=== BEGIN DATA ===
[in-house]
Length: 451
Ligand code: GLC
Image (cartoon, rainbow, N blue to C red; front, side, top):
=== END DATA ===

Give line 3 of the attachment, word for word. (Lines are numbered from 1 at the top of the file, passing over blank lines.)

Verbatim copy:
Ligand code: GLC